Kepa A., Falewicz R., Siarkowski M. and Pietras M. (2020). RESIK and RHESSI observations of the 20 September 2002 flare. Astronomy & Astrophysics, 642, A112 (11p), doi: 10.1051/0004-6361/202038434.
Abstrakt/Abstract: Context. Soft X-ray spectra (3.33 Å–6.15 Å) from the RESIK instrument on CORONAS-F constitute a unique database for the study of the physical conditions of solar flare plasmas, enabling the calculation of differential emission measures. The two RESIK channels for the shortest wavelengths overlap with the lower end of the Ramaty High Energy Solar Spectroscopic Imager (RHESSI) spectral energy range, which is located around 3 keV, making it possible to compare both data sets.
Aims. We aim to compare observations from RESIK and RHESSI spectrometers and cross-correlate these instruments. Observations are compared with synthetic spectra calculated based on the results of one-dimensional hydrodynamical (1D-HD) modelling. The analysis was performed for the flare on 20 September 2002 (SOL2002-09-20T09:28).
Methods. We estimated the geometry of the flaring loop, necessary for 1D-HD modelling, based on images from RHESSI and the Extreme-Ultraviolet Imaging Telescope aboard the Solar and Heliospheric Observatory. The distribution of non-thermal electrons (NTEs) was determined from RHESSI spectra. The 1D-HD model assumes that non-thermal electrons with a power-law spectrum were injected at the apex of the flaring loop. The NTEs then heat and evaporate the chromosphere, filling the loop with hot and dense plasma radiating in soft X-rays. The total energy of electrons was constrained by comparing observed and calculated fluxes from Geostationary Operational Environmental Satellite 1–8 Å data. We determined the temperature and density at every point of the flaring loop throughout the evolution of the flare, calculating the resulting X-ray spectra.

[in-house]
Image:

Results. The synthetic spectra calculated based on the results of hydrodynamic modelling for the 20 September 2002 flare are consistent within a factor of two with the observed RESIK spectra during most of the duration of the flare. This discrepancy factor is probably related to the uncertainty on the cross-calibration between RESIK and RHESSI instruments.